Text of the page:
Save Our Schools: Philly Students Host Youth Power Summit To Campaign for Non-Violence
The banquet hall is a-rockin’. A young man stands at the front of the expansive room with a mic, chanting, “When I say youth, you say power!” He’s got the ear of over 200 middle and high school students, scattered at tables around the hall.
“Youth!” the young man exhorts.
“Power!” the room shouts back.
The rally came at the end of a long day at Community College, where about 230 students from Philadelphia public schools gathered yesterday for a Youth Power Summit to discuss their ideas for improving the education system. Students attended a series of workshops on themes such as “Restorative Justice: Tools for Peace” and “Bias Violence: Overcoming Divisions in Our Schools.” The summit is part of the Campaign for Nonviolent Schools started by ten student and community groups last year in response to the dual challenges of omnipresent school violence and the accompanying negative portrayal of Philly’s youth in the media. The goal: To give air to the voices of youth themselves, the ones with the biggest stake in maintaining safe, effective city schools.
“I feel there should be more youth voices making change,” says Bach Tong, a junior at Science Leadership Academy. Tong, 17, transferred from South Philly High last year after the highly publicized attacks on Asian students there. “So much violence was going on,” Tong says. “We are here to make petitions against the injustice.”
“I came here today because I actually care about the voice a young person can have,” says Roger Churchville, a senior at West Philly High. Churchville, 17, was a facilitator for a workshop called “Know Your Rights.” “It’s about how young people feel oppression when they don’t feel their rights have been obeyed,” he says. In the session, the kids played a game called “Stand Up if You Hear Me,” in which Churchville called out statements like, “Stand up if a teacher ever called you stupid.”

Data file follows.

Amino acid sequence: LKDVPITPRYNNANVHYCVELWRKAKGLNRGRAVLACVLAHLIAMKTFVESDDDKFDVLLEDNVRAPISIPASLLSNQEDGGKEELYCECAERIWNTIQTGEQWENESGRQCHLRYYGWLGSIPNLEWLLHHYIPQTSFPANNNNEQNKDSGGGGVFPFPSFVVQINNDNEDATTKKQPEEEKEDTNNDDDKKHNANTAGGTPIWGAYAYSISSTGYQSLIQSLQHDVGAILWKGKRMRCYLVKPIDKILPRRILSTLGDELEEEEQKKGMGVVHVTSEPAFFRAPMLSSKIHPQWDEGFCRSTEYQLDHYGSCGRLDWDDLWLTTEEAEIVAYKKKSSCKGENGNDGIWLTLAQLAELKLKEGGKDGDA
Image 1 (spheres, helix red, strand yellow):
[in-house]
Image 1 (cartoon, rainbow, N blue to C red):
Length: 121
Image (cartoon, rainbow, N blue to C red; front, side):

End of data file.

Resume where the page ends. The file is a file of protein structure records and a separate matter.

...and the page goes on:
“Most kids feel like they’ve been treated wrongly,” Churchville says. “Right now we’re standing together to face stereotypes that we fight in everyday life, so people can know there’s at least some good young people out there.”
“Okay, fights happen,” says Churchville’s co-facilitator Lawrence Mahoney, 20, a Drexel student who graduated from West Philly in 2008. “But what the media doesn’t bring out is that youth are doing good things.”
Churchville and Mahoney speak about another kind of violence, systemic violence that they say includes lack of resources and unqualified teachers that keep kids in a position to fail. “It’s not right and it’s not fair,” Mahoney says. “But we’re working to stop that.”
“We want to tell young people that they really do have a voice,” says Jamira Burley, president of the Philadelphia Youth Commission, one of the groups supporting the non-violence campaign. “We wanted to give them the opportunity to talk in a safe environment without adults.”
After the summit, campaign members plan to make recommendations to provide to the school district as well as City Hall. “We’re looking for dialogue,” Burley says. “This isn’t just to have a day with no follow-up.”
Member groups of the Campaign for Nonviolent Schools:
Citywide Student Government
Asian Student Assocation of Philadelphia
Save Our Schools is an occasional series on efforts large and small to fight violence and improve learning environments in Philly’s public school system.